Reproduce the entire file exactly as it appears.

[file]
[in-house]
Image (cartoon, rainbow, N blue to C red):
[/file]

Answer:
[in-house]
Image (cartoon, rainbow, N blue to C red):